Last week, New York’s autumn sales turned over $1.4bn across the city’s major auction houses, down from around $2bn in the same series of sales last year. With political turmoil and economic wariness plaguing virtually every major financial centre in the world, it is no wonder that confidence in the art market was down by nearly 25% from May before the auctions even began, let alone throughout them. Indeed, contemporary sales were down by 31.5% and Impressionist and Modern sales were down 33% from last autumn; for reference, London sales in October were down only 17.7%.
The marquee series of sales in New York often relies on big-ticket items and there was a well-reported lack of trophy lots and high-profile estate consignments this year, resulting in a squeeze on supply. The top lot of the week, Ed Ruscha’s Hurting the Word Radio #2 (1964) at Christie’s post-war and contemporary evening sale, fetched $46m ($52.5m with fees). That represents about $15m more than any other work that hit the auction block.
“The margin between good, better, best has widened and collectors are more aware of this than ever,” says Melanie Clore of the advisory firm Clore Wyndham. “For ‘great’ works, collectors have always had to pay ‘tomorrow’s prices’ and this is still the case—but these paintings and sculptures are still few and far between.”
How low can you go?
Low estimates were met with even lower reserves. Across evening sales, only five works were estimated to fetch more than $20m. Ultimately seven did, but many hovered near or below their low estimate, such as Mark Rothko’s Blue Over Red (1953), which sold for $23m ($26.5m with fees) at Sotheby’s after a single bid on a $25m-$35m estimate. Indeed, an average of roughly 35% of lots hammered for below their low estimate across all sales, suggesting that reserve prices were driven down.
“This is a sober and smart market right now,” says Amy Cappellazzo, the chairman of the fine art division of Sotheby’s. “We had to roll up our sleeves to make these sales happen.” In what was the most energetic sale of the week, Sotheby’s contemporary evening sale fetched $270.7m (with fees). That is still $75m less than Christie’s post-war and contemporary results the night before, but it yielded a strong 92% sell-through rate with 82% of lots hammering at or above their estimates, versus around 60% to 65% in all other evening sales.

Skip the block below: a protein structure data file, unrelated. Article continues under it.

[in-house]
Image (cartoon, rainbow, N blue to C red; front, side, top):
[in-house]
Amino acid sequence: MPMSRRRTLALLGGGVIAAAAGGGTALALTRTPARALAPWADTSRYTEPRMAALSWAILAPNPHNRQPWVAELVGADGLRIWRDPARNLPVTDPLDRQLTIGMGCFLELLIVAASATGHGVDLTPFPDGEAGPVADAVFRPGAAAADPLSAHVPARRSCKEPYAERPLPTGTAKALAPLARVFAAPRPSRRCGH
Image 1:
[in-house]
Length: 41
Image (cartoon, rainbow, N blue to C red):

Most major lots fell toward the low end of their estimate range, with a few exceptions. At Christie’s $162m ($191m with fees) Impressionist and Modern sale, Pablo Picasso’s Femme dans un Fauteuil (Françoise) (1948-49) bore the highest estimate of any work at $12m-$18m. It barely scratched that, however, when it hammered at $11.5m ($13.3m with fees). However, the first Umberto Boccioni sculpture to come to market in half a century, Unique Forms of Continuity in Space (conceived 1913) more than tripled its pre-sale estimate of $3.8m-$4.5m, despite the fact that it was a third-series cast.
Fashion designer Marc Jacob’s decision to lift the reserve price entirely on Ed Ruscha’s She Gets Angry At Him (1974) after it failed to sell at $1.9m on a $2m-$3m estimate as the third lot in Sotheby’s contemporary sale—just 24 hours after Christie’s set the record for the artist. The work abruptly re-appeared on the block as the last lot of the evening, selling for a total of $1.4m ($1.7m with fees).
To guarantee or not to guarantee
According to ArtTactic, third-party guarantees were down by 42% at Christie’s over last year’s sales and Sotheby’s dropped by 32%. "We offer roughly the same number of guarantees every sale," Cappellazzo says. "There were just fewer collectors taking us up on our offer this time around, mostly because there were fewer big consignments they wanted to back. I don't think it's that unusual given the circumstances."
Though the number of lots that were guaranteed compared to last year dropped, a more interesting detail is that the value of guarantees dropped from $537.2m last year to $360.5m this November. "This may be a result of the murmurs of the market softening we heard during the summer," says Evan Beard, the national art services executive at Bank of America Private Bank. Just before the sales began, when it "became clear that there would be significant activity, they felt comfortable guaranteeing— just not comfortable enough to guarantee the big ticket lots".